CCL2 affects β-amyloidosis and progressive neurocognitive dysfunction in a mouse model of Alzheimer's disease

Tomomi Kiyota, Howard E. Gendelman, Robert A. Weir, E. Elizabeth Higgins, Gang Zhang, Mohit Jain

Research output: Contribution to journalArticlepeer-review

67 Scopus citations


Neuroinflammation affects the pathobiology of Alzheimer's disease (AD). Notably, β-amyloid (Aβ) deposition induces microglial activation and the subsequent production of proinflammatory neurotoxic factors. In maintaining brain homeostasis, microglial plasticity also enables phenotypic transition between toxic and trophic activation states. One important control for such cell activation is through the CC-chemokine ligand 2 (CCL2) and its receptor, the CC-chemokine receptor 2. Both affect microglia and peripheral macrophage immune responses and for the latter, cell ingress across the blood-brain barrier. However, how CCL2-CC-chemokine receptor 2 signaling contributes to AD pathogenesis is not well understood. To this end, we now report that CCL2 deficiency influences behavioral abnormalities and disease progression in Aβ precursor protein/presenilin-1 double-transgenic mice. Here, increased cortical and hippocampal Aβ deposition is coincident with the formulation of Aβ oligomers. Deficits in peripheral Aβ clearance and in scavenger, neuroprogenitor, and microglial cell functions are linked to deficient Aβ uptake. All serve to accelerate memory dysfunction. Taken together, these data support a role of CCL2 in innate immune functions relevant to AD pathogenesis.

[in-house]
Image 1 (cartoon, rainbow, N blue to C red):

Original languageEnglish (US)
Pages (from-to)1060-1068
Number of pages9
JournalNeurobiology of Aging
Issue number4
StatePublished - Apr 2013


  • Chemokine
  • Memory function
  • Microglia
  • Neurogenesis
  • Phagocytosis

ASJC Scopus subject areas

  • Neuroscience(all)
  • Aging
  • Developmental Biology
  • Clinical Neurology
  • Geriatrics and Gerontology


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